November 24, 2009
Cultures of Resistance: Technology's Effects On and From the Iranian Election

Over the next couple of weeks, I'm planning to bring to the C3 blog a handful of presentations that have been given recently at MIT and Harvard.

Today's feature is a quick reflection on a talk I attended this afternoon at the Berkman Center for Internet & Society at Harvard Law School. The presentation was titled #iranelection: The digital media response to the 2009 Iranian election, and was delivered by Cameran Ashraf (Adjunct Faculty member in the Department of Geography and Anthropology at California State University, Pomona) and Brett Solomon (recently Campaign Director at and Executive Director at The description from the Berkman Center's website follows:

The ability of social and digital media to play a crucial role in helping mass social movements coordinate and communicate effectively has been highlighted by the recent post-election unrest in Iran. Due to the borderless nature of digital communications, the resources available to many activists can now be global in scale and supported by virtually instantaneous communication. Some governments have taken notice of this borderless nature and the potential threat it poses. To limit communications within and with the outside world they have erected their own border in the form of firewalls, monitoring mechanisms and internet filtering systems.

With Iran as a case study, this presentation will explore the role new communication technologies are playing in the post-election unrest, how people outside of Iran are helping through digital media, and the Iranian government's efforts at maintaining its information border.

Working with existing projects and movements in the field, a new ongoing movement for digital freedom is forming (, rallying digital activists and ordinary online citizens around the world, to assist political freedom movements and civil society who are being shut out from their rights to information, political expression and assembly.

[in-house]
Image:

My short reaction and a link to the presentation video follow after the jump.

While I have previously done work in relation to the Iranian election, especially its appeal and response on Twitter (see the work of me and my colleagues at the Web Ecology Project by reading our report, Iran Election on Twitter: The First Eighteen Days), today's presentation hit on many of the cultural issues evolving inside Iran which have occurred pretty recently.

Cameran continuously used the phrase "culture of resistance" when explaining the likely success of the student political movements surrounding the Iranian election. He argued that because political resistance has been ingrained into the culture and practices of (practically) everyday Iranian life, it would be difficult for the movements to crumble. Even given that the Iranian government attempted to censor and block much of the Internet throughout the election period, the students persisted by moving the online portions of the resistance offline, in the form of printable stencils and posters. Online, the use of proxy servers helped continue to spread word of protests and citizen-delivered news.

While the Internet clearly is helping facilitate political agendas, it is not widespread across Iran. Approximately 40% of the country's population uses the Internet, and most of these citizens are young and live in urban areas.

However, Cameran related in his talk that these geographies (specifically rural neighborhoods) and demographics (both older and younger than the college-age students) that have not been penetrated by the Internet are slowly beginning to be influenced by the techno-savvy student populations. In fact, Cameran reported that this November, many of the students had been teaching high school- and middle school-aged kids to better understand the technological components of computers and the online space, and these younger students are now helping out with the resistant movements.

And the same has been happening with older members of Iranian society, especially those who look back on and want to reconcile their mistakes. According to Cameran, in a large number of Iranian families, the younger generation understands and lives in the online world, but even if their parents or grandparents do not utilize the Internet, the online space appears in the offline space. Videos from the movements are making their ways through family networks and neighborhoods, especially by way of strong bootleg community.

There's an intriguing sort of cultural convergence going on currently in Iran: one which is not precipitated by information or interest in the digital, but one that grows because of personal conflict with the government and nation. The digital divide is slowly crumbling as more citizens come to understand digital environments to make change in their physical and social environments.

While the presentation is not yet available online, it should be uploaded to the Berkman Center's website (specifically the Berkman Luncheon page, where you can see a host of interesting videos by excellent speakers) fairly soon. Look out for it!